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The Columbia is the great river of paradoxes. Stoke by stroke, we are paddling deeper and deeper into a conundrum. But the contradictions are mostly ours, not the river’s. Let’s start with this one. Hanford’s corridor of reactors, nine in all, were located here because of the free-flowing river. The river in the Reach remains undammed because of those nukes. The river on both sides of the Reach is dammed up largely to provide power for the Hanford nukes. They call them the Cold War dams: Priest Rapids, McNary, John Day and The Dalles. Each were sold to the public on the promise of cheap power, but much of that energy was secretly re-directed up to Hanford for the production of plutonium for H-bombs. The great salmon-fishing grounds of Celilo were lost largely to satiate Hanford’s unquenchable thirst for electric power.
Of course, that didn’t stop the Army Corps of Engineers from wanting to inundate the Reach behind a mega-dam to be constructed near Pasco. The plans were first drawn up in 1932, then shelved until the early 1970s, when an unlikely coalition of environmentalists, steelhead fishermen and the Atomic Energy Commission, who were then in charge of Hanford, beat it down.
But dams don’t perish so easily and the Pasco project, called the Ben Franklin Dam (at least they didn’t appropriate the name of a local chief like Kamiakan), was resurrected by the Carter Administration in 1978. Most dams, like wars, are instigated by Democrats. This time the dam wasn’t sold as an engine of cheap hydro-power, but as a mighty facilitator of marine commerce. The idea was to open the entire upper Columbia River to barge traffic and, in the process, make Wenatchee, Washington, nearly 500 river miles from the coast, a deep water port. The Corps sank another $2 million into engineering studies to justify the dam and boosters poured in another $2 million in pr touting how the project would transform the Inland Empire into a glorious engine of commerce.
Alas, it was not to be. This time the dam was killed off by the Reagan administration, which was forced to confront the uncomfortable fact that the waters of the reservoir would have encroached upon the most toxic soil in the world: the radioactive tank farms of Hanford. The sages in the Reagan White House wisely decided that it was better to let the 177 vats of radioactive slop discretely corrode and leak into the groundwater than risk exhuming them and publicly confronting the treacherous mess that had been left behind as an eternal relic of the nation’s four-decade long obsession with devices of nuclear annihilation.
So in 1981 the Ben Franklin project was shelved once again. And there it sits, biding its time for a third incarnation. What’s the half-life of a dam?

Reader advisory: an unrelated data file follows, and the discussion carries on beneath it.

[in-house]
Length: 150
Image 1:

American White Pelican.
Merrily, merrily we float. Downstream, always downstream. Such a beautiful word. A word with an unimpeachable integrity and authenticity. On this lonely stretch of river, pelicans are our only companions. The big white birds are graceful flyers on 10-foot wingspan, much more so than the ungainly great blue herons that stalk the riverbanks and bark irritably when we paddle by. Both the herons and the pelicans are fish-eaters. The pelicans are voracious feeders, each bird eats as much as 5 pounds of fish each day—more when they are feeding chicks. The white pelicans of the Reach aren’t diving birds, like their cousins the brown pelicans of the coast. Instead, they take their prey from the surface of the river while swimming. If ravens are the coyotes of the avian world, pelicans behave more like wolves. They live in highly organized social groups. They hunt together often in coordinated groups of six or ten birds. Sometimes the groups will split, with some pelicans pushing schools of fish into shallow water where the other birds are waiting and a communal and often synchronized feeding frenzy ensues.
The white pelicans will eat almost any fish: chub, perch, bass, carp, rainbow trout. But it’s the salmon they love. It’s the salmon that have lured them here, decade after decade, in great migrations from their wintering grounds in the Gulf of Mexico.
But it’s that passion for fish that has put the pelican, and the herons, eagles and osprey, at risk. For even though the Hanford Reach is home to the last vibrant run of wild Chinook salmon on the Columbia River, those fish, and the others in the Reach, are contaminated with an array of radionuclides and other atomic debris leaching inexorably into the Columbia from the Hanford’s 1400 haphazardly-placed waste dumps. By one estimate, these dumps have leaked three-million curies of radiation into the river every year from 1950 through the 1980s. The radiation continues to leak–though leak is perhaps not the right word—largely unabated by the latest techno-fixes.